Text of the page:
Fishing Kayak vs Canoe – Which Is Best for You?

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Fishing Kayak or Canoe

One problem which often pops up when people are looking for the best small boat to take fishing is whether a kayak or a canoe is better. We thought we’d give our opinion on the matter and weigh in with a quick comparison of the essential key points for each of them.

In this comparison, we’re going to be taking a look at the general movement of the kayak and canoe, the stability of each of them, the weight and storage capacity you can expect, speed, and much more. We’ll examine each of them and come to a final conclusion about which is the best for you to take out when fishing!

Let’s get started by taking a quick look at the agreed definition for both kayaks and canoes, in case you need a refresher about the differences between the two and what kind of performance you can expect to see.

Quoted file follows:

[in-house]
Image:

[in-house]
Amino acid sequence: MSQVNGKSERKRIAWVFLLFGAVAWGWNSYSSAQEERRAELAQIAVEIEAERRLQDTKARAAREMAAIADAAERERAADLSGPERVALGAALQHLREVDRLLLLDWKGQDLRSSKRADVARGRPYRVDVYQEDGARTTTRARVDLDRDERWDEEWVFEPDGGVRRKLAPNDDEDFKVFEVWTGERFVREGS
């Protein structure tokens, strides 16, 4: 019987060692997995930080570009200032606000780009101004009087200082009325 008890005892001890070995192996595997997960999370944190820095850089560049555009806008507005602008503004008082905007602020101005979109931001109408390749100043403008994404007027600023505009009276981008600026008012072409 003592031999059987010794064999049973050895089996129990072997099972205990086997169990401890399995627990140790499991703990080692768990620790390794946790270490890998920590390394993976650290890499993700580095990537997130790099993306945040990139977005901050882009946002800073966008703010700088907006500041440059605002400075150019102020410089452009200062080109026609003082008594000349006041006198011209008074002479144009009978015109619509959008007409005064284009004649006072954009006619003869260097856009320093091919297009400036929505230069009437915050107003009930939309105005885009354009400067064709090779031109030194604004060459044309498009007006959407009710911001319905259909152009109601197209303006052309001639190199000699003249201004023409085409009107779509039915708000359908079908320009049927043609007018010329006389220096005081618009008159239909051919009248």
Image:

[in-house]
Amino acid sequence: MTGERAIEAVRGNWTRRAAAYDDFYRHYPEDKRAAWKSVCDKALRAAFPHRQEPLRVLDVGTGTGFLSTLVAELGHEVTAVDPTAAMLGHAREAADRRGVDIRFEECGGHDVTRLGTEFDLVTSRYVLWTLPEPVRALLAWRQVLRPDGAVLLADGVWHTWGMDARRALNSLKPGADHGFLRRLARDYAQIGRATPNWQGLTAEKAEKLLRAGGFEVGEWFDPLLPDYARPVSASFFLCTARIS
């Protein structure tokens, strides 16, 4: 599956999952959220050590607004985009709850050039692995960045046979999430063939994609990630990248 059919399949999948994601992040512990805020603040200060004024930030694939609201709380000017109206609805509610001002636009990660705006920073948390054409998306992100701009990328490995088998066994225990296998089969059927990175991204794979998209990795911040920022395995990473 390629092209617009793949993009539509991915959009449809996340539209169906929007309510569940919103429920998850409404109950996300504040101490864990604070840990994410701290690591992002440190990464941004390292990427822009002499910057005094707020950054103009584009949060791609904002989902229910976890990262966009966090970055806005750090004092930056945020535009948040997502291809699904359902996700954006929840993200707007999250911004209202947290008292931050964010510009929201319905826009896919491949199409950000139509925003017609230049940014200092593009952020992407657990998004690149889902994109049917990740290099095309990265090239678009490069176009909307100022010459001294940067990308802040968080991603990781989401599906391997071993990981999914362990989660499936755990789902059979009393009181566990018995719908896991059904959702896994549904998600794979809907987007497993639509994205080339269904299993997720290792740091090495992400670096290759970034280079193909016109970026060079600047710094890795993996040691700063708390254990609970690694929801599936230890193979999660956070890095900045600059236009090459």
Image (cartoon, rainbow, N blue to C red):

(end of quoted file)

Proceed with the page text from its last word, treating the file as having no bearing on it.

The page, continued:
Kayak

Traditionally, a kayak is a narrow watercraft that’s usually propelled by a double-bladed paddle. They’re often used for fishing because of how easy they are to manoeuvre and their versatility on the water.

Kayaks usually have a covered deck and one or more cockpits. What differentiates a kayak from a canoe is the fact that the cockpit can sometimes be covered by a spray deck (preventing water from waves or spray entering).

Fishing in a Kayak

Some modern kayaks have different structural designs, such as seating the paddler on top of the boat (“sit-on-top” kayaks), or making use of inflated air chambers around the exterior of the boat. Some kayaks even come with twin hulls instead of the traditional solo hull. Some kayaks even have alternative propulsion methods than the paddle, like pedal operated or small onboard motors.